[Picking up with some of the martyr’s last words] Have you not read that fearful threat? "Whosoever shall deny me before men; him will I deny, before my Father who is in the heavens." And for what, do you advise me thus to counterfeit? Is it that I may acquire aught unto myself by such an artifice? That I may gain a few days respite? But I shall thereby suffer an eternal loss. That I may escape corporeal pain? But then, I shall not behold the retribution of the just. It would be utter madness to die in the practice of deceit; by fraud and stratagem, to labor for an eternal punishment. And now let me counsel you. If your thoughts be evil, repent and seek the paths of holiness. But if ye have accommodated to the occasion; casting off the deceit, proclaim the truth. Declare, that "Jesus Christ is Lord, to the glory of God the Father! This declaration shall every tongue repeat, when "in the name of Jesus every knee shall bow, of the inhabitants celestial, terrestrial, and subterranean." All men are mortals, but few are martyrs. Let us not await the death of nature; but from life, let us ascend to life. Can ye be satisfied with that death which comes spontaneous? It is unfruitful: it yields no profit: it is common to man, and to the brute. Him, who by natural generation enters upon life; either time brings to an end, or disease bows to the grave, or some dire accident destroys. Since then it is appointed to us to die; let it be our studious endeavor to gain life by death. Let that which is an unavoidable event, be the object of your choice. Be not tenacious of that existence, to whose bereavement ye must submit. If terrestrial objects had e'en an eternal duration; we should be eager to exchange them for things celestial. If they endure for a season only; if they be devoid of all that is great, and dignified; awful indeed our infatuation, should we for their sake be severed from that beatitude, which is enshrined in hope.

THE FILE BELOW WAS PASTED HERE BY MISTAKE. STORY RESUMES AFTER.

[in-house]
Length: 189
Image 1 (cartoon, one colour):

St Gordius’s final act of chivalry and St Basil’s final evocation of memory:
He spake: he signed himself with the symbol of the cross, and went forward to receive the blow. No fear blanched the hue of his complexion, or dimmed the glory of his countenance. He seemed, not as if he were delivering himself unto the Lictors, but as if consigning himself to the hands of angels; those angels, who in the moment of his liberation, wafted him to the blessed life, as once they wafted Lazarus. But oh! who can describe the terrific shout, which arose from the assembled multitude? What thunder, pealing from the clouds, ever transmitted such a sound to earth, as then thundered from earth to heaven? This is the very stadium in which he was enwreathed. This very day beheld that wondrous spectacle; whose impression, no time can obliterate; no familiarity can weaken; no future achievements can surpass. For as we ever behold the sun, and ever admire his brightness; even so, will the memory of the Martyr be ever blooming and efflorescent. "The just man is for an everlasting memorial;" a memorial with the inhabitants of earth, as long as the earth endures; a memorial with the Saints in Heaven; a memorial with the all-righteous Judge; unto whom be ascribed glory, and dominion, through eternity. Amen.
We have left out a great amount from St Basil’s homily and encourage everyone to read the whole thing, which is not overly long:
Holy Martyr Gordius and Holy Basil, pray for us sinners here at the South!
Holy Ælfred the Great, King of England, South Patron, pray for us sinners at the Souð, unworthy though we are!
Anathema to the Union!